The trustees of the Marlborough Brigham Family Trust are pleased to announce the awarding of 10 grants totaling $25,266 for its inaugural grant cycle.
The trust received more than $70,000 in grant applications in the fall of 2013. Trustees were encouraged by the depth and range of the applications, all of which detailed valuable services to the community. The trustees met as a group, aligned the grants with the language in Ronald H. Brigham’s will regarding the spirit of the trust, and deliberated the applications.
As a result, the following organizations have been awarded grants, which will be presented during their respective upcoming meetings. The trustees congratulate these organizations for their community-oriented efforts and programs!
Marlborough Public Schools, $3,900 toward the anti-bullying presentation Ryan’s Story. The father of Ryan Halligan, a 13-year-old who was bullied so cruelly and systematically that he committed suicide, will speak to middle school students, teachers, parents and community youth workers. Halligan’s appearance correlates with the district’s MC3: Marlborough: Creating a Caring Community bullying prevention curriculum.
The Marlborough Historical Society, $3,900 toward its storage/structural program. Over the years the society has accumulated historical records, artifacts, photographs, and other objects that require storage, and the current structure is unstable and inadequate. The society will use the grant to help build a storage shed on the society’s Homestead site to store and protect these items.
Maria Mihopoulos, Jaworek Elementary School, $1,300 toward the purchase of three iPads and instructional applications. Jaworek Elementary has more than 150 English language learners (ELLs) who benefit from the school’s very limited supply of ELL iPads that introduce them to technology, help them learn to read and increase their vocabulary, do math drills, provide language lab technology, allow them to research and translate words, and more. The grant will help expand the resources so more ELL students have access to this learning tool.
Employment Options, $3,900 toward its Cleaning Options Program. Employment Options serves adults with mental illness, empowering them and their families to recover and thrive in the community. Supports include overcoming barriers to employment through a “life coaching” approach. The newly developed Cleaning Options trains and employs disadvantaged, unemployed citizens by helping them overcome obstacles to employment.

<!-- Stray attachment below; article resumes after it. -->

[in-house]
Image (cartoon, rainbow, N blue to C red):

Friends of the Marlborough Seniors, $3,250 toward a pilot transportation program. The program will help transport some of the more than 350 Marlborough Council on Aging/Senior Center members to Senior Center activities, the grocery store, the pharmacy, personal appointments, and more. The program will operate in cooperation with the MetroWest Regional Transit Authority and Employment Options.
The Friends of the Marlborough Public Library, $1,300 toward its 2013-2014 program season. The Friends offers a wide variety of programs and events designed to enrich and educate the Marlborough community and support the performing arts. The grant will help ensure the Friends will be able to continue to present free admission programs for the season.
Marlborough Downtown Village Association, $3,250 toward an outdoor community mural. The mural will depict various elements of Marlborough’s heritage and will include works from both experienced mural artists and members of the community. The project is designed to create a feeling of ownership in the Downtown Cultural District and provide an avenue for future artists.
Ghost Light Players, $1,950 toward a summer youth theater program. The program will run for five mornings a week for five weeks this summer, and it will include classes in auditions, performance and stage etiquette. The program will conclude with a performance. The goal is eventually to create an ongoing, self-sustaining summer program.
Linda Ostaski, Jaworek Elementary, $400 toward a document camera. Art teacher Linda Ostaski will integrate the document camera with her classroom projector to project three-dimensional art lessons and demonstrations to all students in a class at one time. Lessons can be recorded and shared so that students can view and review them as needed.
The Cottage Children’s Center, $2,116 toward tables, chairs and storage. The center, located on the Marlborough Hospital campus, serves 105 children. The center’s large room not only serves as a space for the center’s activities, it also serves as a community room for other organizations. The center currently rents tables and chairs as needed; securing their own and building a small storage shed will allow the center to increase the use of the space for community groups and center activities.